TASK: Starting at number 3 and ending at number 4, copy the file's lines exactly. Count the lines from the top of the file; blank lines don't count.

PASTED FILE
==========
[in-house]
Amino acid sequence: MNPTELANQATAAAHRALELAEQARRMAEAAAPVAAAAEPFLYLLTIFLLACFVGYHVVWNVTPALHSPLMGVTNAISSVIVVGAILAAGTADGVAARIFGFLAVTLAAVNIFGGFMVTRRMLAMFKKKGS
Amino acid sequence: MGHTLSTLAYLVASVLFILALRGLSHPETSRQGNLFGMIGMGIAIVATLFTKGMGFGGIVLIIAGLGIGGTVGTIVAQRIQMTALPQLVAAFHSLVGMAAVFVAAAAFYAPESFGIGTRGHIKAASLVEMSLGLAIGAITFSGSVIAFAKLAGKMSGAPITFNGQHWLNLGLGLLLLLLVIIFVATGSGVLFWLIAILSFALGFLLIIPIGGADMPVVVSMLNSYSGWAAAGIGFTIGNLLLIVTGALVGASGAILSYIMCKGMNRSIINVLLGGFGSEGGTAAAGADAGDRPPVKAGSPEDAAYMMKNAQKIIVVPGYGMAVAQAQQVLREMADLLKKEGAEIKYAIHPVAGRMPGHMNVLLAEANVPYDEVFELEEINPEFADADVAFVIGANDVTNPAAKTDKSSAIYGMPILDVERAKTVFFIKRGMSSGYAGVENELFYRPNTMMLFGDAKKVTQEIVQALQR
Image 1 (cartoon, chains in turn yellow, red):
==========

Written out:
Amino acid sequence: MGHTLSTLAYLVASVLFILALRGLSHPETSRQGNLFGMIGMGIAIVATLFTKGMGFGGIVLIIAGLGIGGTVGTIVAQRIQMTALPQLVAAFHSLVGMAAVFVAAAAFYAPESFGIGTRGHIKAASLVEMSLGLAIGAITFSGSVIAFAKLAGKMSGAPITFNGQHWLNLGLGLLLLLLVIIFVATGSGVLFWLIAILSFALGFLLIIPIGGADMPVVVSMLNSYSGWAAAGIGFTIGNLLLIVTGALVGASGAILSYIMCKGMNRSIINVLLGGFGSEGGTAAAGADAGDRPPVKAGSPEDAAYMMKNAQKIIVVPGYGMAVAQAQQVLREMADLLKKEGAEIKYAIHPVAGRMPGHMNVLLAEANVPYDEVFELEEINPEFADADVAFVIGANDVTNPAAKTDKSSAIYGMPILDVERAKTVFFIKRGMSSGYAGVENELFYRPNTMMLFGDAKKVTQEIVQALQR
Image 1 (cartoon, chains in turn yellow, red):